Salmonella with your salad? Study reveals dozens of harmful bacteria on ‘healthy’ vegetables

Harold Hutchison, DCNF

The organic lettuce you bought to make a salad may make you sick, according to a preliminary study released this month by a Spanish university.

Researchers at the Universitat Politècnica de València in Spain led by Dr. Yolanda Moreno presented research Saturday finding that amoebas on organic lettuce can harbor a number of bacteria, notably salmonella, the Daily Mail reported. The scientists collected 17 samples from supermarkets in Valencia, Spain.

“The presence of bacteria of public health concern contained inside the free-living amoebae suggests that they are vehicles that can easily transmit pathogens capable of reaching humans and causing health problems through contaminated organic vegetables,” Moreno said, according to the Daily Mail.

Researchers found 52 types of bacteria that could cause disease, the Daily Mail reported, with two-thirds of the samples containing Acanthamoeba castellanii, a bacteria that potentially causes encephalitis and blindness. A fifth of the samples carried another bacteria, Vermamoeba vermiformis, which is known to cause severe infections.

“Contamination can arise as a consequence of treating soil with organic fertilisers such as manure and sewage sludge and from irrigation water,” Moreno told the Daily Mail.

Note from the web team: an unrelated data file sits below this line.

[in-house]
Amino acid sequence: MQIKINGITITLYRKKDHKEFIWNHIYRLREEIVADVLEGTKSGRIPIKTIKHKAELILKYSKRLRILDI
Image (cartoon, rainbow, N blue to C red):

Salmonella kills about 420 Americans a year, along with causing 26,500 hospitalizations out of over 1.3 million infections, according to the Centers for Disease Control and Prevention (CDC). Symptoms can last from four to seven days and could begin as soon as six hours after being infected.

The CDC recommends rinsing leafy greens under running water and discarding any torn or bruised leaves. In one outbreak traced to lettuce in October 2021, 31 people across four states became ill, the CDC reported.

A University of Minnesota study published in May 2004 by the Journal of Food Protection revealed that generic E. coli was six times as likely to be present on organic produce than conventional produce prior to being harvested. Fecal contamination was also noted as being “significantly higher,” according to the University of Minnesota researchers.

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